I get that, but there are other cheap metros that are, well, more interesting. But maybe techies don't care about that and want to still be somewhat close to Burning Man.
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Online Dougal

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Re: Gentrification News & Discussion
« Reply #397 on: February 11, 2018, 01:57:25 PM »
It just strikes me as so bizarre that these Bay Area people keep leaving one of the densest, most vibrant metro areas in the country for the likes of Phoenix and Vegas. Although I guess Phoenix sprawl really isn't that much different from the ugly subdivisions that dominate most of the cities south of SF and Oakland.

They're not talking about young up-and-comers. At a certain point in life, when one's earnings have probably peaked, affordable and convenient starts to matter a whole lot more than dense and vibrant.  Those are the people who are moving.
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Offline taestell

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Re: Gentrification News & Discussion
« Reply #398 on: February 11, 2018, 02:58:27 PM »
It just strikes me as so bizarre that these Bay Area people keep leaving one of the densest, most vibrant metro areas in the country for the likes of Phoenix and Vegas. Although I guess Phoenix sprawl really isn't that much different from the ugly subdivisions that dominate most of the cities south of SF and Oakland.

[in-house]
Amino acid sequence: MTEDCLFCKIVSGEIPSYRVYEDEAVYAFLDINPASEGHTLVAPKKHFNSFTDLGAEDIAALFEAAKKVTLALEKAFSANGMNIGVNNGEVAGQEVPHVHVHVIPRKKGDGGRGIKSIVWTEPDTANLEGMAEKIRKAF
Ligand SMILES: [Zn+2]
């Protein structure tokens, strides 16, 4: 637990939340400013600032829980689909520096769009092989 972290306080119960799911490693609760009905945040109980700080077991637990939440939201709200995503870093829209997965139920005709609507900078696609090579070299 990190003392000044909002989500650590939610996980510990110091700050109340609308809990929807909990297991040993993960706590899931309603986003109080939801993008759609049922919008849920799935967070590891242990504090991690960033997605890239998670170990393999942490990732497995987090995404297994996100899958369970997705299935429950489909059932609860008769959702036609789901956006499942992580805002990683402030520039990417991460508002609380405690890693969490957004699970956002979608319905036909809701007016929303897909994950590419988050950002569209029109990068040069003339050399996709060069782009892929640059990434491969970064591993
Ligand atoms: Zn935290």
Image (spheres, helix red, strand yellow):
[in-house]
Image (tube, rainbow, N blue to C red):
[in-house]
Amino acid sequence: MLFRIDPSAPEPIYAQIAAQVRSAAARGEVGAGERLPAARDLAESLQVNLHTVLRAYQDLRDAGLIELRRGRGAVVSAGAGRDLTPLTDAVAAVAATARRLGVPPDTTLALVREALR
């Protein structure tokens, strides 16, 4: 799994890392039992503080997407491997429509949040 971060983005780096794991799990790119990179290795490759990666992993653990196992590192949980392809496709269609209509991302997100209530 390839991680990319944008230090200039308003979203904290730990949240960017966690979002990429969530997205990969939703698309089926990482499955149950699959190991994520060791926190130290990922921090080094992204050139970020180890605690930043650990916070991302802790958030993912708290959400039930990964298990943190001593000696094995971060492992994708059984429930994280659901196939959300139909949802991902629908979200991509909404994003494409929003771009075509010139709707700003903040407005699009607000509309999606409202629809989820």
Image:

I also think that there are a lot of people who live in dense urban areas who are not actually that interested in urban issues. I have looked up a few people who previously used to own condos in my building in OTR to see where they live now. Several of them now live in the most generic subdivisions imaginable in cities all across the country.

This especially doesn't surprise me for the South Bay Area. Most of the built environment there is not great for walkability or transit usage. So people are leaving an expensive, dense, non-walkable area for less expensive, less dense, still non-walkable areas in other cities.